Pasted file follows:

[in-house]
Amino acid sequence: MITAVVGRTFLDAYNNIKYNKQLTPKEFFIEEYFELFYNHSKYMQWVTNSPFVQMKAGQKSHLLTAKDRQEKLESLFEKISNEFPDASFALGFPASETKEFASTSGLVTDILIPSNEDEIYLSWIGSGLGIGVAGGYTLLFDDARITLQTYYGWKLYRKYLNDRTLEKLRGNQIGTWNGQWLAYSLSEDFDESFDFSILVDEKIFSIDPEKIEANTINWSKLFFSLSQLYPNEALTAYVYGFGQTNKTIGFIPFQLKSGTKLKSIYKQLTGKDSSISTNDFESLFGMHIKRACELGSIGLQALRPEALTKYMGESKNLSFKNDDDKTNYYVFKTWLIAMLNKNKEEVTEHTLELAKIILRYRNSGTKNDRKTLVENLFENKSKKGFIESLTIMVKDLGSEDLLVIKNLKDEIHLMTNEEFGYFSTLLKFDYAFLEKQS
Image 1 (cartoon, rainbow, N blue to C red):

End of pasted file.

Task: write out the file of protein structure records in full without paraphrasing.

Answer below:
[in-house]
Amino acid sequence: MITAVVGRTFLDAYNNIKYNKQLTPKEFFIEEYFELFYNHSKYMQWVTNSPFVQMKAGQKSHLLTAKDRQEKLESLFEKISNEFPDASFALGFPASETKEFASTSGLVTDILIPSNEDEIYLSWIGSGLGIGVAGGYTLLFDDARITLQTYYGWKLYRKYLNDRTLEKLRGNQIGTWNGQWLAYSLSEDFDESFDFSILVDEKIFSIDPEKIEANTINWSKLFFSLSQLYPNEALTAYVYGFGQTNKTIGFIPFQLKSGTKLKSIYKQLTGKDSSISTNDFESLFGMHIKRACELGSIGLQALRPEALTKYMGESKNLSFKNDDDKTNYYVFKTWLIAMLNKNKEEVTEHTLELAKIILRYRNSGTKNDRKTLVENLFENKSKKGFIESLTIMVKDLGSEDLLVIKNLKDEIHLMTNEEFGYFSTLLKFDYAFLEKQS
Image 1 (cartoon, rainbow, N blue to C red):